City appeals ruling in condemnation: Henry (County CA) Daily Herald, 4/10/06

By Michael Davis

The city of Stockbridge [Georgia] is taking its high-profile condemnation of a local flower shop to a higher court.

The City Council voted Monday to appeal a judge’s order throwing out its attempt to force the sale of Mark and Regina Meeks’ Stockbridge Florist and Gifts. The vote is the second affirmation in as many weeks by the council of its attempt to take the property for the city’s downtown redevelopment project.

The council voted unanimously to ask the Georgia Court of Appeals to overrule Henry County Superior Court Judge Arch McGarity’s dismissal on April 3, which came a week after the council moved to continue with the case.

City leaders say the couple has been unreasonable in negotiating for the property, but the Meekses claim the city only offered a fraction of what a private developer was willing to pay.

“I don’t have the right to vote,” said Mayor R.G. “Rudy” Kelley, who asked the council last week to back down. “I have the right to recommend and they chose to go the other way.”

Stockbridge plans to include the flower shop in its current redevelopment project, which includes a new city hall and parking deck, as well as land that will be turned over to private developers for shops and residences.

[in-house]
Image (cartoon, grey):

The Meekses say they were offered a spot in the redevelopment project for a condo and a new shop, but the city has said the deal, made by a hired envoy, was unauthorized.

In a September condemnation hearing, a special master awarded the Meekses $421,500 in buy-out and relocation expenses. The couple’s attorney argued they had a deal with a private drug store developer for nearly $750,000 before an ordinance change limiting the size of pharmacies in the city soured it.

The case has caught the attention of state lawmakers, who in light of last June’s U.S. Supreme Court decision affirming the taking of several homes in Connecticut to boost the town’s tax base, passed laws this year somewhat restricting local government’s seizure power.

But the new rules, which were signed into law last week, don’t apply in the Meekses’ case, which was already in the courts.

The Meekses’ attorney, Scott Jacobson, asked the city to reconsider its appeal Monday.

“We don’t consider [the vote] to be final so we’d like to continue with that request,” he said.

He argued the city already has plenty of property in its so-called downtown redevelopment district to complete its project.

“With the current property demolition and grading, it appears the city has amassed a significant site ... ” he said.

But because litigation has begun, the courts will have to decide the outcome according to City Councilman Steve Moon.

“We’ve started a project and we’ve started a process and we feel like (it’s a valid project),” he said.

The city, which has fought legal battles with several property owners in the redevelopment district over takings, has tried to be reasonable from Moon’s perspective.

“I understand why people would be up in arms about eminent domain and that’s why we went to each of the property owners and asked them to buy in,” he said. “For right now, our plan, we’re staying true to it.”

Henry Daily Herald: http://www.henryherald.com